Unmanned aerial vehicles (UAVs)—or drones—present compelling new opportunities for airborne gas sensing in applications such as environmental monitoring, hazardous scene assessment, and facilities’ inspection. Instrumenting a UAV for this purpose encounters trade-offs between sensor size, weight, power, and performance, which drives the adoption of lightweight electrochemical and photo-ionisation detectors. However, this occurs at the expense of speed, selectivity, sensitivity, accuracy, resolution, and traceability. Here, we report on the design and integration of a broadband Fourier-transform infrared spectrometer with an autonomous UAV, providing ro-vibrational spectroscopy throughout the molecular fingerprint region from 3 – 11 µm (3333 – 909 cm−1) and enabling rapid, quantitative aerial surveys of multiple species simultaneously with an estimated noise-limited performance of 18 ppm (propane). Bayesian interpolation of the acquired gas concentrations is shown to provide both localization of a point source with approximately one meter accuracy, and distribution mapping of a gas cloud, with accompanying uncertainty quantification.
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Atmospheric gas sensing using UAVs is growing in importance because of the wide range of applications this technology can flexibly address, such as climate monitoring , pollution detection , volcanology , industrial site monitoring , and hazardous scene assessment such as monitoring wild fires . UAV gas sensing has been used to provide ground-truth validation for Earth-observation satellites , to sample humidity at sea-level  and to provide horizontal and vertical particulate concentration profiles [8,9]. The benefits over conventional approaches are striking: drones – particularly rotary-wing UAVs – can be deployed quickly at low cost and without the need for dedicated runways, can operate in contaminated or hazardous environments, and can perform systematic high-resolution surveys in three-dimensional space with a repeatability which is impossible for humans.
Despite this potential, practical considerations – typically associated with size, weight and power constraints, but also in some circumstances regulatory compliance – limit the gas sensing capabilities of autonomous UAVs in a number of specific ways. A recent survey of onboard sensing technologies  reveals the predominant use of electrochemical  / metal-oxide sensors, with a smaller number of laser-line infrared sensors . None of these technologies is broadband and chemically agnostic: the electrolytes used in electrochemical sensors are optimized for certain gases, while laser-line sensors monitor infrared absorption features unique to particular molecules. Although electrochemical sensors are lightweight, they can lack chemical selectivity, with some showing cross-sensitivity to different molecules , and their response time is slow (~20 seconds) , meaning that their ability to detect a localized gas source during a rapid survey flight is limited. In contrast, Fourier-transform infrared spectroscopy (FTIR) provides a fast and inherently multi-analyte detection capability, but this advantage has not previously been exploited on UAVs due to the complexity of integrating an interferometric system with sufficiently low payload and power demands, yet possessing a high degree of resilience to vibration and acceleration. Gas absorption spectroscopy of light molecules relies on an FTIR spectrometer with sufficient resolution to resolve individual gas lines – typically a few cm−1 or less – and spectral coverage that includes the molecular fingerprint region that falls within the atmospheric transmission window from 8 – 12 µm. While one micro-opto-electro-mechanical systems (MOEMS) Fourier-transform spectrometer was deployed on a fixed-wing UAV , there are no reports in the literature of any system offering the required performance. Aside from payload and power considerations, the positioning of an open-path interferometer is made challenging on a UAV, either because of the constraints of the airframe geometry in a fixed-wing aircraft or the turbulence / screening effects associated with the complex air flow around a rotary-wing UAV .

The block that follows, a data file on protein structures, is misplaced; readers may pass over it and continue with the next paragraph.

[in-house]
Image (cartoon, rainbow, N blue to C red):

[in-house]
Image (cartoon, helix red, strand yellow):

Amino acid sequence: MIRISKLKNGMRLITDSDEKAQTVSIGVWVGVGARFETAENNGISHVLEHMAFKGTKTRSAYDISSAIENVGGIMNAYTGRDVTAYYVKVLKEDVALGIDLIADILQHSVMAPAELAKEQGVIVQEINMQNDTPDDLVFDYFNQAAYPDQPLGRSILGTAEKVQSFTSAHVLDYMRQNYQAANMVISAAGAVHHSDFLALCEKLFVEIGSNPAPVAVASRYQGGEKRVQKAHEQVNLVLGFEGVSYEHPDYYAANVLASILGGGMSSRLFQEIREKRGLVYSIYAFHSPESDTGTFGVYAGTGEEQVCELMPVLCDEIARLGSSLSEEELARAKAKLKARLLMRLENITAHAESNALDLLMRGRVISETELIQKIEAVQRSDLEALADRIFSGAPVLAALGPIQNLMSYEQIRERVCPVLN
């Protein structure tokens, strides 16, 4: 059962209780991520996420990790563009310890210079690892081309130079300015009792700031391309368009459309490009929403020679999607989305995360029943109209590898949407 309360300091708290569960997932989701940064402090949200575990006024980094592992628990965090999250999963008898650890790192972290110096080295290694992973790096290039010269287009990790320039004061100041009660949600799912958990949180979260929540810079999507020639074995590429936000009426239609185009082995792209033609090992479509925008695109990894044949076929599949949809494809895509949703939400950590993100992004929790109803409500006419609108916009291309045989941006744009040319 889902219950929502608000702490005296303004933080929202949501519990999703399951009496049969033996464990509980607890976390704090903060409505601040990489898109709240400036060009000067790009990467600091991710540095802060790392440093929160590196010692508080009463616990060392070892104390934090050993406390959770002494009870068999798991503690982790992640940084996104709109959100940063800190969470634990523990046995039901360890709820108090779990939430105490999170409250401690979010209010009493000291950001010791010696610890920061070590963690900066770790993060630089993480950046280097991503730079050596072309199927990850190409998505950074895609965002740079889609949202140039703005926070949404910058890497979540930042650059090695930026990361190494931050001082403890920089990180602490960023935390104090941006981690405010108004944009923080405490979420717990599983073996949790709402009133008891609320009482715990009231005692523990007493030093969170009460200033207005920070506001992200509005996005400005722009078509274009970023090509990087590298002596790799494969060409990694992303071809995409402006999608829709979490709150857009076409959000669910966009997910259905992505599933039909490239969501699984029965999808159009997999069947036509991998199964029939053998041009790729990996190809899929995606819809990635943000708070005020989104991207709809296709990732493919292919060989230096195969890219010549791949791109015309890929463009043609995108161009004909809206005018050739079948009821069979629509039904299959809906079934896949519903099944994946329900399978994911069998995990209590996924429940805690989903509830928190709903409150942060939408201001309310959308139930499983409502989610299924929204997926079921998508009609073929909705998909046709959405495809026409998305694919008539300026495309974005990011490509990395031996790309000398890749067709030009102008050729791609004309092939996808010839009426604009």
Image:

In this article we introduce the first intrinsically multi-species gas sensing using a UAV-integrated Fourier-transform spectrometer with long-wavelength infrared spectral coverage extending deep into the molecular fingerprint region. A multi-parameter fit of the in-flight absorption spectra provides GPS-referenced concentration data for carbon dioxide, propane and water (humidity) from which we separately show the localization of point sources of gas and the mapping of a gas distribution. The system performance is characterized under real-world flight conditions.
2. Fourier-transform spectrometer architecture and system integration
Illustrated in Fig. 1, the Fourier-transform spectrometer (FTS) consisted of a Michelson interferometer comprising a CaF2 beamsplitter and two scanning aluminium retroreflectors, each mounted on a separate voice-coil actuator and driven in antiphase by a 3-Hz sinusoidal signal. Black-body radiation from a Kanthal infrared emitter (Helioworks EK3430) was collimated using a parabolic reflector and a ZnSe lens and steered into the interferometer after being combined on a Ge window with a 1550-nm beam from a single-frequency distributed feedback (DFB) laser. This 1550-nm light provided a means of calibrating the optical path difference in the interferometer and was detected after the interferometer by an InGaAs photodiode located behind a second Ge window, leaving the black-body radiation to travel along the sensing path, finally being focused onto a mercury cadmium telluride (MCT) detector (Vigo System PVI-4TE-10.6) by a ZnSe lens. A 250-MHz USB oscilloscope with an onboard waveform generator provided synchronous scanning and 2 MS/s, 14-bit data acquisition under the control of an onboard Nvidia Jetson TX2 computer. The shape of the recorded spectrum (for example, see Fig. 1(e)) was essentially a classical black-body spectrum modulated by the transmission and reflection functions of the component optics and the spectral response curve of the MCT detector.